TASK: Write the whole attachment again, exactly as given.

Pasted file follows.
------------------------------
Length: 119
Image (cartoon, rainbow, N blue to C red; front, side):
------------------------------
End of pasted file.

Length: 119
Image (cartoon, rainbow, N blue to C red; front, side):